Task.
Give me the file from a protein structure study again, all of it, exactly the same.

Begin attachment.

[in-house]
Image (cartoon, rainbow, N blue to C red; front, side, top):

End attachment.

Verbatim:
[in-house]
Image (cartoon, rainbow, N blue to C red; front, side, top):